The “eel“ that is not really an eel
The wolf eel is not an eel at all but one of five “wolffish“ species, having paired gill slits and pectoral fins. These long, skinny fish can grow quite large, reaching up to 2.5m (8.2 ft) long. These coldwater marine fish can be found hiding in the caves, crevices, and rocky reefs along North America’s Pacific coast, from Baja California, Mexico north to Kodiak Island, Alaska. You can also find wolf eels on the east coast of Russia and south to the Sea of Japan.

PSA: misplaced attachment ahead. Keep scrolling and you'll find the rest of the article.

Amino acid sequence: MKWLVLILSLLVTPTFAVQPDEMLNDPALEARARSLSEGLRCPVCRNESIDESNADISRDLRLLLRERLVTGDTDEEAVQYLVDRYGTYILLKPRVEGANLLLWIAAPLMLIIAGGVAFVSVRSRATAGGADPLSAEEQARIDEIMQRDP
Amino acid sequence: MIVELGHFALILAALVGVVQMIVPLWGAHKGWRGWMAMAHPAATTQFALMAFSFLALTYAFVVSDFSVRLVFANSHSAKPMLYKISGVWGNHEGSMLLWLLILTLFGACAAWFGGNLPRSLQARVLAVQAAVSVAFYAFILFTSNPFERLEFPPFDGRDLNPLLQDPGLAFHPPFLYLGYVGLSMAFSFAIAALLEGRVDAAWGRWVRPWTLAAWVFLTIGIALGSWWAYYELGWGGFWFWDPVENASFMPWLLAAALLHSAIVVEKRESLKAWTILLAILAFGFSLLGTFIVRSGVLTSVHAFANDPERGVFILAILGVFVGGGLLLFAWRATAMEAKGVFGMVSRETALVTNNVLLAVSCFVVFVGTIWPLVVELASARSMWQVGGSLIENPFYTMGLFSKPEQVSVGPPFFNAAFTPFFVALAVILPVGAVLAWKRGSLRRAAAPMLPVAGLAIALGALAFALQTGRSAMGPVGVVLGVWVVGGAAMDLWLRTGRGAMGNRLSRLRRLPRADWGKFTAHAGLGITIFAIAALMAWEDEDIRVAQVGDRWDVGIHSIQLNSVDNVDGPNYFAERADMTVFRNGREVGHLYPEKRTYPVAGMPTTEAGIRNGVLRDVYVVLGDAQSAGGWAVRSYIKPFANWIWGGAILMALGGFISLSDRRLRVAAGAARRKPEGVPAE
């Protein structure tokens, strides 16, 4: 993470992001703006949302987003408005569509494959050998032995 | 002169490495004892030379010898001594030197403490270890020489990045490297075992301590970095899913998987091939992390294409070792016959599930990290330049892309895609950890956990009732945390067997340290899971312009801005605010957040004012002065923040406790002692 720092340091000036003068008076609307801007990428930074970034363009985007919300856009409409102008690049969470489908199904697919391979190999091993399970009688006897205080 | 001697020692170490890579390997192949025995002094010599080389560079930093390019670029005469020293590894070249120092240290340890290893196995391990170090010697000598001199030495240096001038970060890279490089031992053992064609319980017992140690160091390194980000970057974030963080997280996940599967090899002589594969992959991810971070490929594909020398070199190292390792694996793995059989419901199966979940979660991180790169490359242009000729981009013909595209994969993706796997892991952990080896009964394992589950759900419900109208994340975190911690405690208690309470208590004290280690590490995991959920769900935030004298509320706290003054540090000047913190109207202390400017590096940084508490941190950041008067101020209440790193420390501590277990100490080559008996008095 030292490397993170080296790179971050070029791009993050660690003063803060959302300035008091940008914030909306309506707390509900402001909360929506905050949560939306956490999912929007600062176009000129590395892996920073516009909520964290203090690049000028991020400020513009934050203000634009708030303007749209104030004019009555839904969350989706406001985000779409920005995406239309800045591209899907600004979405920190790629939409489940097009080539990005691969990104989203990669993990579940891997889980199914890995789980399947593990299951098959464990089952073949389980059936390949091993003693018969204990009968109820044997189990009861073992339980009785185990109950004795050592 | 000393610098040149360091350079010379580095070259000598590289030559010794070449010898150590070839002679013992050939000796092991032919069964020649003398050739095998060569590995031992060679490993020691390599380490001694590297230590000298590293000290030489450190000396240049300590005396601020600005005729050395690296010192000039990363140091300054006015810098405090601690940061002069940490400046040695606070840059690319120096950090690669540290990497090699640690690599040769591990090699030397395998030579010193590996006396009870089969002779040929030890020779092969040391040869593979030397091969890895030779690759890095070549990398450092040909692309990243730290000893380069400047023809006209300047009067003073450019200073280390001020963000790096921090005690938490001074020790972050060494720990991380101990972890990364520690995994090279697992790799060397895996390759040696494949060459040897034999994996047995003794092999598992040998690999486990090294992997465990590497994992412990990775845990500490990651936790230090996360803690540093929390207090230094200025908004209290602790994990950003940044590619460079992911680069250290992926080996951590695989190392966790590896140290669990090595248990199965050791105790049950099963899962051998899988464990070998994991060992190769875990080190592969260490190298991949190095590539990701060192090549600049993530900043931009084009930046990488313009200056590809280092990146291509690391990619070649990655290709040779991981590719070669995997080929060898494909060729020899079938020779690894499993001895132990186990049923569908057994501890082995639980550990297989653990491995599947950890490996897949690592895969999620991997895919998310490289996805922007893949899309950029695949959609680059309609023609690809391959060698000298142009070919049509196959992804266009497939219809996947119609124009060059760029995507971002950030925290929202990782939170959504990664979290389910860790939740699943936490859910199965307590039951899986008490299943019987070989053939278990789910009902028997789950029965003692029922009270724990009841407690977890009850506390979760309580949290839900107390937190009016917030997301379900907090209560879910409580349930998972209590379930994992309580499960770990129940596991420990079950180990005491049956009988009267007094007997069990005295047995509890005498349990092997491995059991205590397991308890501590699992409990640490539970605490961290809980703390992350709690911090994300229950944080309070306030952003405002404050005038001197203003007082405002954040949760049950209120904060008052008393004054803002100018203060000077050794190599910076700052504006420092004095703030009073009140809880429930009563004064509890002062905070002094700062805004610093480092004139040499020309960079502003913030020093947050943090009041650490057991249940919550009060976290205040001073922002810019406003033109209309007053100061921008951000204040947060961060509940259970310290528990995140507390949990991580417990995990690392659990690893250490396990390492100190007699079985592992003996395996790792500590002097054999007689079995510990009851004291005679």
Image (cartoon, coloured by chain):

This fascinating species is touted as one of the ugliest fish in the sea. They are clearly distinguishable by their round, blunt heads, protruding lower jaw, and menacing-looking teeth. Wolf eels have extremely powerful jaws and love to eat hard-shelled animals like sea urchins, crabs, and sand dollars. Unique to the fish world, wolf eels mate for life, and the monogamous pair can usually be found hiding in their den together. To find out where you can see wolf eels on your next dive, explore the dive site map below!